Hunter fined for killing family dog

A long-time Yukoner called for a roadside hunting ban after a British Columbia hunter was fined for accidentally killing his family's dog. Eric Peterson was drinking coffee on the porch of his cabin by the Atlin Road in May.

A long-time Yukoner called for a roadside hunting ban after a British Columbia hunter was fined for accidentally killing his family’s dog.

Eric Peterson was drinking coffee on the porch of his cabin by the Atlin Road in May when he heard a shot, he told a Yukon justice of the peace yesterday.

He found his six-year-old German shepherd/Labrador cross, Tikka, dead in a field on his property.

Peterson told the court he followed the shooter and an angry confrontation ensued near the British Columbia border.

The shooter, Daniel Bridge, said he thought the dog was a wolf and he planned to go back and pick up the animal after a short trip into B.C.

It turns out Bridge was actually parked in Peterson’s driveway when he got out and took the single shot, Peterson told the court.

Bridge, who now lives in Surrey, B.C., pleaded guilty to two counts under the Yukon Wildlife Act.

He was fined $1,750 and banned from hunting in the Yukon for two years. He was also ordered to take a hunting education course if he ever wants to get a licence in the Yukon again.

Bridge’s fine will go to the Bella Fund, run by the Mae Bachur Animal Shelter. The fund helps pay for medical costs of animals in need.

At the time of the shooting, Bridge had the appropriate hunting licences for wolves, though it was not the legal hunting season.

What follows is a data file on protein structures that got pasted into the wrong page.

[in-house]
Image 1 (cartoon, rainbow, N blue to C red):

In court, both men apologized.

Peterson admitted he was “absolutely furious” during the altercation and said he understood why Bridge may have felt fearful.

“I believe Mr. Bridge is an honourable man. I believe he made a mistake … my family has been very affected by it,” he said.

Bridge, who attended the hearing over the phone, apologized to the Peterson family for what happened.

Justice of the peace Gary Burgess called the case “an emotional issue.”

“As a pet owner I can’t imagine my pet being taken away from me like this,” he said.

Outside the courtroom, Peterson said he would support a roadside hunting ban across the territory.

“Guns are powerful things. If the person is being affected by powerful instincts, they will see what they want to see,” he said.

Questions about roadside hunting have been raised before.

Earlier this year, the Yukon government ordered a public review of the hunting regulations for roadside hunting.

The joint committee between the Yukon Fish and Wildlife Management Board and Environment Yukon was formed.

Its mandate was specifically to look at bear hunting, Environment Yukon spokesperson Nancy Campbell said.

“They still have about six months left on the clock,” she said.

The decision to form the committee was made after the legal shooting of a blonde grizzly bear along the Tagish Road.

Last year, a proposal was made to ban bear hunting along the Atlin Road. That did not move forward because it was too specific to just that road, Campbell said.

Currently, hunters must be off the road and shoulder completely before they can fire a shot. They must shoot away from the road, not across or along it.

Contact Ashley Joannou at

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